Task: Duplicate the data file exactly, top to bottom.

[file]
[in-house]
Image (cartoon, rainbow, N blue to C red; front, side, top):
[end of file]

[in-house]
Image (cartoon, rainbow, N blue to C red; front, side, top):